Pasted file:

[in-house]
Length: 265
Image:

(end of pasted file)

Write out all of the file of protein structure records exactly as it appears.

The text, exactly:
[in-house]
Length: 265
Image: